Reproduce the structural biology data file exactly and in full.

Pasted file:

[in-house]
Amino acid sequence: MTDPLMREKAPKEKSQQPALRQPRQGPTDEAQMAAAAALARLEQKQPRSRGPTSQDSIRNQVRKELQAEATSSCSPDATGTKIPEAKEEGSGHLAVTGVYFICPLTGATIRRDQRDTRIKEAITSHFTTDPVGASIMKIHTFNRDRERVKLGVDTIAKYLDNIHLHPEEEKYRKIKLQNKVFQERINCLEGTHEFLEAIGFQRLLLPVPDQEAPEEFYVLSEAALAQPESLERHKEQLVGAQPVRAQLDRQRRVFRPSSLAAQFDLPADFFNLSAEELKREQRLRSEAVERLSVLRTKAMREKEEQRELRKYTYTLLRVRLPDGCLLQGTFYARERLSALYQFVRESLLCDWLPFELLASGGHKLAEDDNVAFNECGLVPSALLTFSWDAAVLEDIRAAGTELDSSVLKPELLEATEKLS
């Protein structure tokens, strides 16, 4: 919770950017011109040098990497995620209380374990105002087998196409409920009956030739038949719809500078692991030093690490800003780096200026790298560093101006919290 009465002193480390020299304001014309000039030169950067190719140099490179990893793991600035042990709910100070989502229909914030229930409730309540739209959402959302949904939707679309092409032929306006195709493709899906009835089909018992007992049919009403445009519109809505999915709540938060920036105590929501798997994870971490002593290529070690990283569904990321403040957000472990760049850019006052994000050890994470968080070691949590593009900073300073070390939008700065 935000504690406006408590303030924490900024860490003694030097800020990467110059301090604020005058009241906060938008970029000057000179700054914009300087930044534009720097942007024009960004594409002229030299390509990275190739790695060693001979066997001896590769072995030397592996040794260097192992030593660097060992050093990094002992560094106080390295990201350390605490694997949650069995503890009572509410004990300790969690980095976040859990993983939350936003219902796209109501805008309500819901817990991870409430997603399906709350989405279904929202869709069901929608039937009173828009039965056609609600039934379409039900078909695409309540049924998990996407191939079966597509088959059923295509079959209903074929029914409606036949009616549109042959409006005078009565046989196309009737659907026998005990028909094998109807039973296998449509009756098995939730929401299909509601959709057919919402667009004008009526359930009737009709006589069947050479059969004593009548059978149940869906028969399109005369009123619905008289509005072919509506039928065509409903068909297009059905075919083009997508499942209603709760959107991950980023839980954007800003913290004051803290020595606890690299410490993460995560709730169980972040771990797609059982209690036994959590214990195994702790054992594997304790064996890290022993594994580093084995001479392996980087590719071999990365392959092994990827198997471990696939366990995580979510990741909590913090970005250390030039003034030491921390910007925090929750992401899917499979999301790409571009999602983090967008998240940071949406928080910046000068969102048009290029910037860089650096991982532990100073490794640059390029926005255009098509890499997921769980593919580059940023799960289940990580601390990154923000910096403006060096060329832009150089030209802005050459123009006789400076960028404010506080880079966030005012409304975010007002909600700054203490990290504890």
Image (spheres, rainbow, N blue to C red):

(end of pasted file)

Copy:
[in-house]
Amino acid sequence: MTDPLMREKAPKEKSQQPALRQPRQGPTDEAQMAAAAALARLEQKQPRSRGPTSQDSIRNQVRKELQAEATSSCSPDATGTKIPEAKEEGSGHLAVTGVYFICPLTGATIRRDQRDTRIKEAITSHFTTDPVGASIMKIHTFNRDRERVKLGVDTIAKYLDNIHLHPEEEKYRKIKLQNKVFQERINCLEGTHEFLEAIGFQRLLLPVPDQEAPEEFYVLSEAALAQPESLERHKEQLVGAQPVRAQLDRQRRVFRPSSLAAQFDLPADFFNLSAEELKREQRLRSEAVERLSVLRTKAMREKEEQRELRKYTYTLLRVRLPDGCLLQGTFYARERLSALYQFVRESLLCDWLPFELLASGGHKLAEDDNVAFNECGLVPSALLTFSWDAAVLEDIRAAGTELDSSVLKPELLEATEKLS
């Protein structure tokens, strides 16, 4: 919770950017011109040098990497995620209380374990105002087998196409409920009956030739038949719809500078692991030093690490800003780096200026790298560093101006919290 009465002193480390020299304001014309000039030169950067190719140099490179990893793991600035042990709910100070989502229909914030229930409730309540739209959402959302949904939707679309092409032929306006195709493709899906009835089909018992007992049919009403445009519109809505999915709540938060920036105590929501798997994870971490002593290529070690990283569904990321403040957000472990760049850019006052994000050890994470968080070691949590593009900073300073070390939008700065 935000504690406006408590303030924490900024860490003694030097800020990467110059301090604020005058009241906060938008970029000057000179700054914009300087930044534009720097942007024009960004594409002229030299390509990275190739790695060693001979066997001896590769072995030397592996040794260097192992030593660097060992050093990094002992560094106080390295990201350390605490694997949650069995503890009572509410004990300790969690980095976040859990993983939350936003219902796209109501805008309500819901817990991870409430997603399906709350989405279904929202869709069901929608039937009173828009039965056609609600039934379409039900078909695409309540049924998990996407191939079966597509088959059923295509079959209903074929029914409606036949009616549109042959409006005078009565046989196309009737659907026998005990028909094998109807039973296998449509009756098995939730929401299909509601959709057919919402667009004008009526359930009737009709006589069947050479059969004593009548059978149940869906028969399109005369009123619905008289509005072919509506039928065509409903068909297009059905075919083009997508499942209603709760959107991950980023839980954007800003913290004051803290020595606890690299410490993460995560709730169980972040771990797609059982209690036994959590214990195994702790054992594997304790064996890290022993594994580093084995001479392996980087590719071999990365392959092994990827198997471990696939366990995580979510990741909590913090970005250390030039003034030491921390910007925090929750992401899917499979999301790409571009999602983090967008998240940071949406928080910046000068969102048009290029910037860089650096991982532990100073490794640059390029926005255009098509890499997921769980593919580059940023799960289940990580601390990154923000910096403006060096060329832009150089030209802005050459123009006789400076960028404010506080880079966030005012409304975010007002909600700054203490990290504890």
Image (spheres, rainbow, N blue to C red):